of the small city that the man always carried
inside him, a city where it hadn't rained
for thirty years, only now the sky darkened
and tremendous drops fell in the thick dust
of the streets. The man's wife knocked
on the window, trying to call him in.
she twirled one finger around her ear
to sign that he was crazy, that he'd
get sick again, standing in street clothes
in a downpour. She put the finger in her mouth
like a thermometer. She formed the word idiot
with her lips, and, always, when she said that
he would give in. But now he stood there.
His whole life he'd wanted to give something,
to sacrifice. At times he'd felt like coming up
to people on the street, offering his blood.
Here, you look like you need blood. Take mine.
Now he could feel the people of his city
waking as if from a long drought. He could feel
them leaving their houses and jobs, standing
with their heads up and their mouths open,
and the little kids taking their clothes off
and lying on their bellies in the streams
and puddles formed by the new rain that the man
made himself, not by doing anything, but standing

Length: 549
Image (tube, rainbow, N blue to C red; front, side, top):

there while the rain soaked through his clothes.
He could see his wife and his own kids
staring from the window, the younger kid
laughing at his crazy father, the older one
sad, almost in tears, and the dog, Ossian--
but the man wanted to drown the city in rain.
He wanted the small crowded apartments
and the sleazy taverns to empty their people
into the streets. He wanted a single man with
an umbrella to break out dancing to same way
Gene Kelly danced in Singing in the Rain,
then another man, and more, until the whole
city was doing turns and pirouettes with their
canes or umbrellas, first alone, then taking
each other by the arm and waist, forming a larger
and larger circle in the square, and not
to any music but to the percussion of the rain
on the roof of his own house. And if there were
a woman among the dancers, a woman in a flowery
print skirt, a woman wetter and happier and more
beautiful than the rest, may this man be